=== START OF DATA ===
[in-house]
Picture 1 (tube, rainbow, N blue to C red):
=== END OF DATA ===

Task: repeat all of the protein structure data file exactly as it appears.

[in-house]
Picture 1 (tube, rainbow, N blue to C red):